Thoughts. Feelings. Emotions. They’re often compelling, and they’re with us all day, every day. But they are actually only visitors. Granted, sometimes very powerful visitors, but they are visitors, nonetheless. I like to think of them the way I think of rainbows — seemingly very real, but if I change my perspective, they often disappear.

More about practices that can help us change perspective a bit later in this posting but first, a poem about thoughts, feelings, and emotions — it’s called The Guest House, by Rumi, and I just love it:

This being human is a guest house:
Every morning a new arrival.

A joy, a depression, a meanness,
some momentary awareness comes
as an unexpected visitor.

Welcome and entertain them all!
Even if they’re a crowd of sorrows,
who violently sweep your house
empty of its furniture.

Still, treat each guest honorably.
He may be clearing you out
for some new delight.

The dark thought, the shame, the malice,
meet them at the door laughing,
and invite them in.

Be grateful for whoever comes,
because each has been sent
as a guide from beyond.

Artfully and simply stated, those words still resonate — more than seven centuries later. Things change. Or, as the writers of Game of Thrones would have it: “Nothing lasts”— both mindfulness and meditation are tremendous tools for reminding us of that fact. As Jon Kabat-Zinn said, “We can’t stop the waves, but we can learn to surf.”

Meditation can sometimes feel daunting, and I find it helpful to carry a reminder in my proverbial hip pocket. It is a lot like surfing — simple, but not easy! And by “surfing,” I don’t mean to suggest that meditation is an exercise in just skimming the surface of things. Far from it.

Meditation and mindfulness (the state of being that meditation helps me find) are both about turning toward thoughts, feelings, or emotions. Turning toward, not turning away. Becoming curious about whatever it is I’m experiencing and getting down in the weeds with it. The good stuff, and the bad stuff.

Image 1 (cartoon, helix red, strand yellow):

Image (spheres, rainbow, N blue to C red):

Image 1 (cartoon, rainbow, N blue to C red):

And you know what? If we can manage to do that — if we can accept a thought, or a feeling, or an emotion and become curious about it, it will inevitably temper itself, and in time, it will pass. I know that may sound Pollyannaish to some, but it’s true!

Find your inner Johnny Cochran voice (O.J. Simpson’s lawyer) and tell yourself, “If you resist, it will persist.” Why make a challenging situation even more challenging? The pain of events beyond our control is inevitable. But suffering — rumination about things that have already happened — is totally optional, and well within our control.

Sure, some form of action will inevitably ensue. Whether the thought, feeling, or emotion is pleasant or unpleasant, we will do something to extend the pleasure or minimize the pain. That’s what we’re hard-wired to do. But there is a big difference between reacting reflexively, and responding skillfully. Response versus reaction —there’s the rub!

Holocaust survivor and Austrian psychiatrist, Viktor Frankl, once wrote, “between stimulus and response there is a space, and in that space, we choose.” In that space, lies our ability to reflect and self-regulate. To interact more effectively with others, be they clients or co-workers, or even ourselves.

Meditation and mindfulness can help us both find and expand the space that Viktor Frankl identified. And in doing so, we can better manage our thoughts, feelings and emotions. Try it!